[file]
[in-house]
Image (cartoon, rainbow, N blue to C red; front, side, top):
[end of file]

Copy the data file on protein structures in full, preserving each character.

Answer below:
[in-house]
Image (cartoon, rainbow, N blue to C red; front, side, top):